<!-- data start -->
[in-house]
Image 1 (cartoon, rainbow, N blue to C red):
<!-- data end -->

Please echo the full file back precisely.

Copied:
[in-house]
Image 1 (cartoon, rainbow, N blue to C red):